25 April 2020   Leave a comment

North Korean leader, Kim Jong-un, missed another important celebration–the anniversary of the founding of the North Korean military. His absence has spawned a number of reports, none of which can be verified. Some assert that he is dead. Others assert that he is in a vegetative state after a botched heart surgery. There is no way to verify any of these reports and we will have to wait until the government makes an official announcement or Kim appears in public. But the uncertainties have spawned speculation on his possible successor, with some asserting that his sister, Kim Yo-jong, could take Kim’s place. Jieun Baek, writing in The National Interest, outlines some of the possibilities:

“Kim Yo-jong has been being groomed to be a senior political figure, but may lack the necessary preparations to be presented as the first female head of state. If she were to succeed Kim Jong-un as the fourth leader of North Korea, she may face strong hesitation and skepticism from the political male elders who embody a patriarchal system. For North Korea watchers, it may be worth considering the possibility that Kim Pyong-il (Kim Jong-il’s paternal half-brother) may be asked to be a political guardian of Kim Yo-jong, or be the successor himself. Kim Pyong-il, who has been serving as a diplomat abroad for forty years and recently returned to Pyongyang, is within the Baektu Bloodline and may be invited into the inner circle to support Kim Yo-jong to maintain the regime within the Kim Dynasty. He could be part of a larger ‘collective leadership’ that supports and guides Kim Yo-jong as the head of state. If she is not prepared to be immediately presented to the public amidst a sudden death of Kim Jong-un, there may be a transitional period during which a collective leadership reigns.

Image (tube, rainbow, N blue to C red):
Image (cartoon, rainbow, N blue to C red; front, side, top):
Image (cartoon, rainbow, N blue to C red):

“While possible, it is difficult to imagine that a collective leadership will take over the state in the long run in the absence of a successor who is from the Kim Family. This is because the political legitimacy of the state is derived from the mythical narrative that North Korea’s founding father Kim Il-sung is essentially a god, and his successors will continue to lead the Socialist revolution and protect the nation. North Korea without a successor from the Kim family is like worshippers going to church without a deity to worship.” 

This is not the first time Kim has disappeared from public events: “Kim, believed to be 36, has disappeared from coverage in North Korean state media before. In 2014 he vanished for more than a month and North Korean state TV later showed him walking with a limp. Speculation about his health has been fanned by his heavy smoking, apparent weight gain since taking power and family history of cardiovascular problems.” US President Trump, who has invested a great deal of personal diplomacy with Kim, said yesterday that he believed the reports were incorrect. Reuters reports:

“U.S. President Donald Trump on Thursday threw more cold water on reports that North Korean leader Kim Jong Un was gravely ill, but declined to say if he had been in touch with officials there.

“’I think the report was incorrect,’ Trump said at a daily White House briefing, adding that he had heard it was based on ‘old documents.’

“Trump had said on Tuesday that he might contact North Korean officials to inquire about Kim but gave no indication on Thursday he had done so. The two leaders have had regular communications over the past couple of years.

“’We have a good relationship with North Korea, I have a good relationship with Kim Jong Un and I hope he’s okay,’ Trump said.

We shall simply have to wait to see what has actually happened. But if there is a new leader in North Korea, it will be difficult for the US to re-establish the dialog about nuclear weapons until the new leader is firmly in power. There are real dangers to personal diplomacy.

Posted April 26, 2020 by vferraro1971 in World Politics

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